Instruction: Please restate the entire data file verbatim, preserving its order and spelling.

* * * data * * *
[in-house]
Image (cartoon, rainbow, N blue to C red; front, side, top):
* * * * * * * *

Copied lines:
[in-house]
Image (cartoon, rainbow, N blue to C red; front, side, top):